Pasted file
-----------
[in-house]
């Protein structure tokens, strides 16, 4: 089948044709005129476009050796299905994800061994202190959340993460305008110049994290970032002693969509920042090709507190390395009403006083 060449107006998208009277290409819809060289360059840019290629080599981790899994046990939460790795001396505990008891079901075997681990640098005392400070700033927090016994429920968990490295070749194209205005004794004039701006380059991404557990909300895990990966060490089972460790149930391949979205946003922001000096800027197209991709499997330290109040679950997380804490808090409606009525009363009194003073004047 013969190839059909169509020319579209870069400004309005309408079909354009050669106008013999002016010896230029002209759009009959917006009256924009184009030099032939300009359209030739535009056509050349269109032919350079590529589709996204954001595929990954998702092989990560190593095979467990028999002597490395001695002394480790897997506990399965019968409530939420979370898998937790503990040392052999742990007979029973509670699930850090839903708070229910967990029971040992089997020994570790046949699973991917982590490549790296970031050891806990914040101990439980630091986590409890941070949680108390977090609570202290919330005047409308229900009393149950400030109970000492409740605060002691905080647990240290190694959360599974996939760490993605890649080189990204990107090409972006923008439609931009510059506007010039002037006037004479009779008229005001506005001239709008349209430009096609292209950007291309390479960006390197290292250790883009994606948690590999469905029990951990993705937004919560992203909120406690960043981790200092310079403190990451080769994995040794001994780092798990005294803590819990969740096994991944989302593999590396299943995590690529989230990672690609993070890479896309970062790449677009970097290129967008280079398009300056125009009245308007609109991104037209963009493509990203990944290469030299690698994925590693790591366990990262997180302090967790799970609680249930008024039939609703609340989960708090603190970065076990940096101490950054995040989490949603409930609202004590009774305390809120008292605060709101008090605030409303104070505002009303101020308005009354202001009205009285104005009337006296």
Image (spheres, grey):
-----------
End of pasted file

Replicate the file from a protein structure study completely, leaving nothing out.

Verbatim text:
[in-house]
């Protein structure tokens, strides 16, 4: 089948044709005129476009050796299905994800061994202190959340993460305008110049994290970032002693969509920042090709507190390395009403006083 060449107006998208009277290409819809060289360059840019290629080599981790899994046990939460790795001396505990008891079901075997681990640098005392400070700033927090016994429920968990490295070749194209205005004794004039701006380059991404557990909300895990990966060490089972460790149930391949979205946003922001000096800027197209991709499997330290109040679950997380804490808090409606009525009363009194003073004047 013969190839059909169509020319579209870069400004309005309408079909354009050669106008013999002016010896230029002209759009009959917006009256924009184009030099032939300009359209030739535009056509050349269109032919350079590529589709996204954001595929990954998702092989990560190593095979467990028999002597490395001695002394480790897997506990399965019968409530939420979370898998937790503990040392052999742990007979029973509670699930850090839903708070229910967990029971040992089997020994570790046949699973991917982590490549790296970031050891806990914040101990439980630091986590409890941070949680108390977090609570202290919330005047409308229900009393149950400030109970000492409740605060002691905080647990240290190694959360599974996939760490993605890649080189990204990107090409972006923008439609931009510059506007010039002037006037004479009779008229005001506005001239709008349209430009096609292209950007291309390479960006390197290292250790883009994606948690590999469905029990951990993705937004919560992203909120406690960043981790200092310079403190990451080769994995040794001994780092798990005294803590819990969740096994991944989302593999590396299943995590690529989230990672690609993070890479896309970062790449677009970097290129967008280079398009300056125009009245308007609109991104037209963009493509990203990944290469030299690698994925590693790591366990990262997180302090967790799970609680249930008024039939609703609340989960708090603190970065076990940096101490950054995040989490949603409930609202004590009774305390809120008292605060709101008090605030409303104070505002009303101020308005009354202001009205009285104005009337006296």
Image (spheres, grey):